Worry about this instead. Part four – little things that make a HUGE difference.

Everywhere you go, people are looking for a shortcut to success. The only shortcut really is to learn to embrace the grind. That said there are obviously some possible detours along the road. The fourth part of this series is a road map, that’ll help you navigate the wondrous world of weights as easily as possibly.

  1. Warming up properly. This gets more important the older you get – especially if you didn’t do it when you were young. Light cardio, stretching, SMR, dynamic mobility and some jumps/throws would be a great way to prepare for lifting.
  2. Meditation and visualization are extremely powerful tools. As I’m pretty big on this, I’ll go more in depth with the reasons for doing it and the results you can expect from it. If you’re not already doing it in some form, get started ASAP.
  3. See a massage therapist regularly. If funds are low, I’d recommend 1- months of regular treatments to loosen up. Maintain with foam roller. Ideally I’d shoot for 1-2×60 mins a month. Personally I prefer 60 min sessions, but 30 might work for you.
  4. Cut out all stimulants (coffee is the only one I use/recommend) around late afternoon and get to bed at 10 PM. You might not have trouble falling asleep, but trust me – your sleep will be much better.
  5. Play recreational sports. You’re never too old to learn a new sport and doing something reactional (as opposed to exercise where every movement is planned) is a great way to keep you fresh and agile. You might even have some fun in process too.
  6. Grow a beard. It looks awesome and I’ve recently seen a study that concluded that beards keep you “young, healthy and handsome”. WIN!
  7. Do mobility work as part of your warmup and if possible dedicate 20-30 minutes to it once a week. Also stretching/SMR in front of the TV is a great way to get some extra mobility work in.
  8. Set long term goals and train for them. “6-week biceps blast” type programs are shit. With a few exceptions, (sheiko, smolov) great programs are 3+ month commitments. Even that is just a blink of an eye in the larger context. I know plenty of people that get stronger way into their 40ies and even 50ies. At my first powerlifting meet, my class was won by 50-year old badass John Lukassen, who hit 220kg in the squat, 142,5kg in the bench press and finished off with a 260kg deadlift for a 622,5kg total at 96kg bodyweight. If that’s not inspirational, I don’t know what is.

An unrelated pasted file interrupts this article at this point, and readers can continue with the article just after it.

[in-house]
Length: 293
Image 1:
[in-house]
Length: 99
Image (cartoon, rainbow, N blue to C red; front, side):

9. Overeating is the single best way to get stronger (apart from AAS obviously), but keep your fat in check. GOMAD is pure idiocy.
  10. Undereating is the single best way to fuck up your training. Shooting for visible abs 365 will negatively affect your strength, recovery and the amount of cake you can eat.
  11. If you don’t have a powerlifting or weightlifting club nearby, investing in a competent personal trainer to get your primary lifts up to scratch is a great investment in an injury free future.
  12. Worry about how many workouts you get in over a 1, 2 or 5-year period instead of worrying about whether or not you missed a meal or a session last week.
  13. Keep a decent baseline level of conditioning. It’ll increase recovery and make you feel better on a day-to-day basis.

I just got back in from an energizing hill sprint session with a buddy. After three forced rest days, I really needed a good sweat. The rest of the day is family time – can’t wait.

Slow sundays <3

4 thoughts on “Worry about this instead. Part four – little things that make a HUGE difference.

  1. 12 – So if one week looks like this:
    Mon: Lower
    Tue: Upper + Conditioning
    Wend: Lower
    Thur: Off
    Fri: 2½ hours football
    Sat: 3 hours football
    Sun: Upper + Conditioning

    And another week looks like this:
    Mon: Off
    Tue: Lower
    Wend: Off
    Thur: Off
    Friday: Upper + 2½ hours football
    Sat: Off
    Sun: Off

    Would that be a problem? Or what do you think?

    Great blog btw, i check in everyday to see if you posted something new!

    • Thanks for the support.
      Look at it this way: you’re building a house. Actually scratch that, you’re building an epic fucking palace of doom and lasers. The greatest palace ever. Every week in training represents a brick, every layer represents a year. A bad brick doesn’t ruin the palace,however don’t make it a habit.
      Prioritize your football practices, then strength and make conditioning your third priority. You should be getting some conditioning from practices and getting conditioning up to the level you need (for an O-line) should be possible about a month and a half of 1-2 sessions a week. Hills would be great for you (and any football player) as they primarily work the alactic capacity in a way similar to football (10-20s on, 75-90s off).
      Hope that helps. 🙂

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